Doctors tried to send us home. Five minutes later my son lost consciousness.

November 21, 2012

My heart goes out to the family of Bobby Bushell, the little boy who died from meningitis because doctors thought his mother was being hysterical. And I know all too well how she must have argued with them and fought for them to take her seriously, because I’ve been in that position myself.

When No 1 Son was little he had frequent asthma attacks. Most of the time we were rushed through A&E, he was put on a nebuliser and everything was fine. But on one occasion, when he was three, we were met with a fairly junior doctor who insisted, after listening to my son’s chest briefly and barely glancing at the monitor, that there was nothing wrong with him. ‘Why have you brought him in?’ he said, in an arrogant tone that implied I was being neurotic. ‘There’s nothing wrong with him. You can take him home.’

But I could see that my little boy’s breathing was becoming more and more laboured. I knew instinctively, as every parent knows, that there was something very wrong with my son. ‘He’s having an asthma attack,’ I insisted. ‘He’s fine,’ the doctor replied. But at that point my son started to lose consciousness. Suddenly we were surrounded by nurses and doctors and he was put straight on to an oxygen machine. ‘He’s having an asthma attack, caused by infection,’ another doctor confirmed. I couldn’t contain my anger. ‘I knew something was wrong,’ I snapped at the junior doctor, who looked suitably shamefaced. We spent three days in hospital. Fortunately my son was fine, but it could so easily have gone another way.

Doctors are not infallible, they don’t always get it right. But mothers know instinctively when something’s wrong with their children, and they should always be listened to. If doctors had listened to Jane Hooks, Bobby’s mother, she might still have her little boy.


You Might Also Like

  • Catherine November 23, 2012 at 5:20 pm

    This post is ringing true for my family today as my niece took her 6 month old son, who was born 10 weeks early, to the docs yesterday as he has been unwell – temp, not eating or drinking, very unhappy. Doctor said that it’s just a bug going round and anti-biotics wouldn’t be helpful.

    Today her son wasn’t any better so she requested an emergency appointment and saw a different doctor who instantly decided that he needs to be admitted to hospital. They are up there now and she has been told that really he should have been admitted yesterday, especially due to him being premature.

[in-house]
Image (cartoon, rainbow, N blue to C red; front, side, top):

As you can imagine my niece is livid with the doctor she saw yesterday.

  • Anna November 22, 2012 at 1:01 pm

    If I hadn’t trusted my instincts and gone against my doctor’s assessment that my two year old was “clinically fine” earlier this year, she wouldn’t be with us today. We almost lost her and her consultant was shocked that she’d been allowed to deteriorate to the extent she had, despite numerous visits to the doctor. It taught me a life changing lesson, to ALWAYS trust your parental instinct.

  • Kate Morris November 21, 2012 at 1:56 pm

    I utterly agree. When my son was 10 months old, (he’s now 110, he had a chest infection. The doctor insisted on giving him penicillin, even though I told him that my father, my brother and i were all allergic. He said that would have no correlation, in quite a patronising manner, and of course, 24 hours later, son had terrible allergic reaction. Awful.

  • Jennifer Howze November 21, 2012 at 1:38 pm

    Harrowing story, Liz. It’s a reminder that we have to be advocates for our children with doctors. They might be professionals but they aren’t infallible and we also know our children best and what’s normal or abnormal for them.

  • Liska November 21, 2012 at 1:11 pm

    Mother’s instinct is as old as the Universe. Always always worth listening to. Thank God on the other end of the spectrum we also know when they are okay (even when experiencing symptoms).
    Great post.

  • Zakia November 21, 2012 at 11:43 am

    Why is it that we are taken seriously when in a professional environment but as soon as we become mothers we’re boxed up as hysterical, overprotective, overbearing drama queens?

    Doctors are experts on the human body and a multitude of issues that can arise when the body is damaged in any way, whether it be viruses or broken bones. We get that. We understand it and are thankful that these people dedicate themselves to medicine for our benefit.

    What we need doctors to understand is that we are experts on our children. While they might be clued up on the mechanics, we are tuned into them as people – body language, psyche etc.

    We are all human.

    Well done for sticking to your guns. You did right by your son and taught that junior doctor a very valuable lesson.

  • Crystal Jigsaw November 21, 2012 at 8:46 am

    How tragic. We do put a lot of trust in doctors and perhaps too much sometimes. I went through some infuriating times when Amy was first diagnosed with autism and the GP knew nothing about ASD. Even the HV thought I was being neurotic on occasion, though she was very old-school and fortunately retired shortly after Amy was 4. Putting a junior doctor in a serious situation like the one with your son, should not have happened. Children especially should be treated by fully qualified peadeatricians and not doctors who know far too little about childhood illnesses. Unfortunately, stories like yours are too common in our world of new age medicine.

    CJ x